Under Armour argues that by virtue of Defendant's default and alleged willful behavior the Court should award the maximum available damages. However, in this case Under Armour has not suggested that Defendant highly profited from the https://lifesarmour.com/domain name or that Under Armour lost significant revenue due to Defendant's conduct. Compare Punch Clock, Inc. v. Smart Software Dev., 553 F.Supp.2d 1353, 1358-59 (S.D. Fla. 2008) (awarding maximum damages where plaintiff showed significant loss of web site traffic due to defendant's website). Additionally, although the Court has found the https://lifesarmour.com/domain name confusingly similar to Under Armour's marks, it is not identical and Defendant has not explicitly held itself out as an Under Armour affiliate to consumers, unlike many of the cases cited by Under Armour where maximum damages were awarded. See Graduate Mgmt. Admission Council v. Raju, 267 F.Supp.2d 505, 512 (E.D. Va. 2003) (awarding maximum damages where defaulting defendant derived revenue from his GMATPLUS websites, which falsely claimed he sold actual unpublished GMAT questions to consumers all over the world); Louis Vuitton Malletier & Oakley, Inc. v. Veit, 211 F.Supp.2d 567, 585 (E.D. Pa. 2002) (awarding maximum damages where Defendants acted "egregious[ly] . . . blatantly using Plaintiff Louis Vuitton's registered trademark to sell counterfeit Louis Vuitton products"); CrossFit, Inc. v. Jenkins, 69 F.Supp.3d 1088, 1103 (D. Colo. 2014) (awarding maximum damages where Defendant used CrossFit's mark and www.crossfitnutrition.com to imply an affiliation with CrossFit). Still, Defendant's refusal to respond to this litigation suggests its bad intent. See, e.g., All-Star Mktg. Grp., LLC v. Media Brands Co., Ltd., 775 F.Supp.2d 613, 621-22 (S.D.N.Y. 2011) (reasoning that "an innocent party would presumably have made an effort to defend itself" (citation omitted)). Under Armour previously offered to settle this dispute with Defendant without demanding payment. ECF 11-3. Defendant refused and Under Armour was forced to validate and preserve its rights through the instant action. Considering the need to deter Defendant's conduct in light of all the surrounding circumstances in this case, the Court finds a fair and just award of damages is $20,000.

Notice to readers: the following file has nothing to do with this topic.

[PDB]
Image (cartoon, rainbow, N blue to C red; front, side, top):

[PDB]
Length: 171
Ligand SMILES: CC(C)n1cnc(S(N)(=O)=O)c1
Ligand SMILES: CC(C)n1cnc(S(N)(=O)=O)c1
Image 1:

F. Costs and Attorneys' Fees

Finally, Under Armour seeks its attorneys' fees and costs. A prevailing plaintiff is entitled to recover costs of the action for Lanham Act violations, and "in exceptional cases" may be awarded reasonable attorneys' fees. 15 U.S.C. § 1117(a). A district court may find a case "exceptional" if, considering the totality of the circumstances,

(1) "there is an unusual discrepancy in the merits of the positions taken by the parties," based on the non-prevailing party's position as either frivolous or objectively unreasonable; (2) the non-prevailing party "has litigated the case in an `unreasonable manner'"; or (3) there is otherwise "the need in particular circumstances to advance considerations of compensation and deterrence."

Ga.-Pac. Consumer Prods. LP v. von Drehle Corp., 781 F.3d 710, 721 (4th Cir. 2015) (citations omitted). The party seeking fees bears the burden to show that the case is "exceptional" by a preponderance of the evidence. Verisign, Inc. v. XYZ.COM LLC, 891 F.3d 481, 484-85 (4th Cir. 2018). Ultimately, the determination of whether a case is "exceptional" falls within the trial court's discretion. Id. at 484.